Baby Monkeys Need Their Mothers—Experimenters Punish Them for It  


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The arrival of Mother’s Day (May 12) is an annual reminder that few things are as strong as the bond between mother and baby. This is true for all primatesnot only humans.

Baby monkeys and apes seek contact with their mothers as soon as they’re born by clinging to them. Monkey mothers don’t leave their infants in nests. They carry them wherever they go.

Primate mothers form firm attachments with their newborns. Research has shown that mothers can distinguish their own babies from other infants even in the first few days after birth.

A mother and a juvenile long-tailed macaques walking into a stream

Fiercely protective monkey mothers shield their babies from enthusiastic members of their extended family (aka “troop”). Other members of the troop, excited as they may be about the birth of an infant, must wait for a closer look at them until Mama gives them the go-ahead.

The primate community takes an active role in helping to raise the new arrival. Macaques and most baboons live in female-bonded societies in which the elder females watch over first-time mothers and ensure that they get enough food. Female vervet monkeys help each other care for their infants. The females of most monkey species stay with their mothers for their entire lives, and when the mothers reach old age, their daughters take care of them.

A mother and a juvenile long-tailed macaques walking into a stream

Most infant macaques and baboons depend on their mother’s care for an extended period of time, generally breastfeeding for at least a year. Older siblings are still dependent on their mother while she nurses her infant, as they’re still learning what to eat, where to sleep, and how to respond to crises.

The psychological needs of infant monkeys and their mothers are of little concern to animal experimenters. Some even take babies away from their mothers just to see how badly it affects them.

Legacy of Suffering

These cruel tests began with experimenter Harry Harlow, the co-inventor of two monkey torture devices, called the “pit of despair” and the “rape rack,” who is considered a “pioneer” of this type of torment. He tore infant macaques away from their mothers at birth, forced them to live alone or with a fake “surrogate mother” to cling to, and deprived some infants of all sensory or social input for up to a year, among other horrors.

Harlow’s experiments only illuminated the obvious: Primate babies need their mothers. Monkeys who are taken away from their mothers suffer their entire lives. They’re more prone to experiencing fear, anxiety, and depression.

One of Harlow’s students, Dr. John Gluck, has spent the latter part of his career fighting to end these barbaric experiments. But another student, Stephen Suomi, continued Harlow’s work—with his own demented twist.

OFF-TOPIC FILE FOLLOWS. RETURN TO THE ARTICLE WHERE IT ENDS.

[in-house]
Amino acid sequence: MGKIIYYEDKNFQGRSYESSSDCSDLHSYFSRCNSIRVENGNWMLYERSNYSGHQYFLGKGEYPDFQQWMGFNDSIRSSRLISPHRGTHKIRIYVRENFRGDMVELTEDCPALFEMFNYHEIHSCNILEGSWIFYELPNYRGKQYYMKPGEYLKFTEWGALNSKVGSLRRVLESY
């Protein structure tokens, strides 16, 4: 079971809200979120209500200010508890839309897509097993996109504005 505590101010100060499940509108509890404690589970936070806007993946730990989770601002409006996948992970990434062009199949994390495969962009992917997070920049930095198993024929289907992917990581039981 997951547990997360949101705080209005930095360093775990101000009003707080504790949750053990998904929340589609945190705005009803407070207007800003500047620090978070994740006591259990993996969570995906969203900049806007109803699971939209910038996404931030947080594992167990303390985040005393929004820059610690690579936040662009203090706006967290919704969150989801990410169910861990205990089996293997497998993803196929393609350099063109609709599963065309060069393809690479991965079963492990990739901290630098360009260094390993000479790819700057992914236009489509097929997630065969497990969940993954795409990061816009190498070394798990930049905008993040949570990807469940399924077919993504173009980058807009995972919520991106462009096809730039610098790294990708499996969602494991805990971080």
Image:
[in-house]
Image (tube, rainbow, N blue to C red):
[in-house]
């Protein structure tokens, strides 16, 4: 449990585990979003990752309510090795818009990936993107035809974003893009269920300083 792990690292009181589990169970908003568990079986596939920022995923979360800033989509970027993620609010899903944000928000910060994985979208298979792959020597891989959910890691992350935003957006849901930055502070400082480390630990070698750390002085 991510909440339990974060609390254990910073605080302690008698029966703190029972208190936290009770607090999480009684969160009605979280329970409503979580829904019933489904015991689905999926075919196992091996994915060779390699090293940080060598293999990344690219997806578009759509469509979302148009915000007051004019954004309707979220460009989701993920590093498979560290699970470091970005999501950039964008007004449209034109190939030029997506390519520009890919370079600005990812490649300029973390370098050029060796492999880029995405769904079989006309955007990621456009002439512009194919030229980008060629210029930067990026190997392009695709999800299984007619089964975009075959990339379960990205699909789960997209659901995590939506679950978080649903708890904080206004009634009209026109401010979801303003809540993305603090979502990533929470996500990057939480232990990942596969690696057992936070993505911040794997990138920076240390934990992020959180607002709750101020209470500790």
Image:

Mothers and Babies in Peril

Harvard University experimenter Margaret Livingstone takes infants away from their mothers at birth, replacing them with inanimate Beanie Babies toys. She uses the infants in horrifying sensory deprivation experiments, in which some have had their eyes sewn shut for a year. Others are forced to wear goggles that create a strobe-light effect for their first 18 months or goggles that invert the world around them.

Livingstone then cuts into the babies’ skulls to implant electrodes and subjects them to tests to assess how badly their visual development has been damaged. The experiments are so foul that nearly 400 scientists and experts demanded that they stop.

Gerald Pepe and other experimenters at Eastern Virginia Medical School (EVMS) have ripped baby baboons out of their mother’s wombs for more than 40 years. Olive baboons trapped in this laboratory are impregnated, shot full of hormones and other chemicals, and their babies are surgically removed from them and dissected.

Some of the baboons had endured so many pregnancies and cesarean sections that the U.S. Department of Agriculture cited the school for failing to provide a scientific justification for the surgeries. PETA secured placement at a reputable sanctuary for some of the mothers, but experimenters killed them instead of relinquishing them.

What You Can Do

Please tell Harvard to shut down Livingstone’s laboratory and call for EVMS to close Pepe’s laboratory.

And if you reside in the U.S., please take additional action for animals by supporting PETA’s Research Modernization Deal, which outlines a comprehensive strategy for replacing all experiments on animals with more effective, human-relevant, non-animal methods.



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